Velocity profiles at another 9 locations (from location a# to location i# in Figure 2) in flow field for Case V were measured additionally to study spatial variations of the flow characteristics and the representative locations of the canopy flow. The 9 locations were distributed evenly and fully within the bed area of Sx × Sy It is, thus, believed the spatial averages of the experimental data at these 9 locations can represent the overall flow. A comparison between the averaged velocity at the 9 locations and the averaged velocity at points 1# and 2# was conducted to verify that the measurements for points 1# & 2# are indeed representative.

3. Results

3.1. Spatial Variation of the Velocity and Reynolds Stress Profiles

Figure 3 and Figure 4 compare the velocity profiles and the Reynolds stress distributions at different locations for Case V. The values characterized with subscripts of “a#~i#”, “1#~2#”, “a#~d#” and “e#~i#” denote the space-averaged values from location a# to i#, 1# to 2#, a# to d# and e# to i#, respectively. Therefore, Ua#~i# and u w ¯ a # ~ i # represent the overall space-averaged flow characteristics in the experiment.
The velocity U and Reynolds shear stress u w ¯ (u and w denote velocity fluctuations in the x and z directions, respectively) vary horizontally in canopy layer meanwhile the profiles for different locations concentrate above the canopy (Figure 3a and Figure 4a). The flow shear in the free stream (Locations e#~ i# & 2#) with larger U and u w ¯ is comparatively intensive than that behind the vegetation (Locations a#~ d# & 1#). The results that U1# > Ua#~d#, U2# < Ue#~i# and U1# < U2# are shown in Figure 3a. However, u w ¯ 1 # u w ¯ a # ~ d # , u w ¯ 2 # u w ¯ e # ~ i # and u w ¯ 1 # < u w ¯ 2 # are shown in Figure 4a.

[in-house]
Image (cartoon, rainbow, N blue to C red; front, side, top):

Figure 3b and Figure 4b show that U1#~2#Ua#~i# and u w ¯ 1 # ~ 2 # u w ¯ a # ~ i # , respectively, throughout the depth. Hence, it is sufficiently accurate to describe the overall flow dynamics by the averaged velocity of points 1# and 2#. In this study, therefore, we analyze the flow characteristics by the averaged values of points 1# and 2#. The subscript is omitted in the rest sections of this article.

3.2. Turbulent Statistics

3.2.1. Velocity

Figure 5 presents the velocity profiles for different λ, and the averaged velocity gradients dU/dz in specific regions have been listed in Table 2. In order to show each profile clearly, the profiles are plotted in two pictures. The vertical regions where U increase considerably are marked with red curves in Figure 5.
The velocity U increases considerably near the channel bed (0 < z < 10 mm) for Cases I & II (Figure 5a & Table 2), which shows the characteristics of the bed-shear flow [8], and dU/dz = 3 s−1 in this region. For Case V, U increases rapidly near the canopy top (55 ≤ z ≤ 65 mm) and dU/dz = 5 s−1 there (Figure 5b & Table 2), which indicates intensive shear exists in this region under this flow condition.
For Cases III & IV which 0.04 < λ < 0.1, the velocity U increases considerably both near the bed and at the canopy top (Figure 5a & Table 2). dU/dz vary from 2 to 2.4 s−1 near the channel bed and 2 to 3 s−1 around the vegetation top, which are between the ones for Cases I & II (bed-shear flow) and the one for Case V (free-shear flow) (Table 2).
In Case VI, the velocity profile along the water depth is highly similar to the one presented in [9] with λ = 1.544 and increases sharply above the canopy but is small within the canopy (Figure 5b). dU/dz around the canopy top is far greater than those of other cases. That indicates intensive stress appears at the canopy top, and the canopy top can be considered as a “new bed” at this density.

3.2.2. Shear Stress